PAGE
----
Some details of his life are worthy of a pulp fiction novel. In a dispute with a taxi driver, Nokweed Davy settled the matter with a rocket propelled left round kick to the cabbie’s head, killing him instantly. Whilst in prison, the Muay Thai game suffered much for his absence and the Thai mafia allegedly bailed him out of the infamous Bangkok Hilton to fight in a series of lucrative bouts—Nokweed Davy got his freedom, so the story goes, in exchange for taking a dive or two.
Despite having run-ins with more gangsters than a character in an Ernest Hemingway story, Nokweed Davy was too stoical to complain, too modest to boast, too honorable to snitch. Aged 40, he retired from boxing and became a trainer of thoroughbred talents like Dzhabar Askerov, Paul Slowinski (who fought Nokweed twice and beat him by knock out) and Nathalie Zoukatas. The gentleman boxer took many a secret with him but leaves his family and close friends with many fond memories.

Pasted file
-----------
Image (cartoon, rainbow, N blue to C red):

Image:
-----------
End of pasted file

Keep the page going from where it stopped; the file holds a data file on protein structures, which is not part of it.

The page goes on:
“I remember his birthday,” remembers Robert Ng, “and we all bought him cake, some cigarettes and a case of Red Bull. He went pure shy and tried to avoid the cake. That was the Nokweed we knew, loved and respected. He trained me. He cornered me. He was a true legend and superstar of the sport. Two of my best memories… Watching him fight Paul Slowinski in the flesh and cornering me and his brother Paidang on the same show. My favorite memory of Nokweed was him telling me, “You win sure.”
And he did.
Beyond the humble boxer, beyond the crazy legend, at the end of his life he just wanted to be remembered as a “good guy.” He was more than just good. He was much, much more than that. RIP Nokweed Davy. We may never see his like again.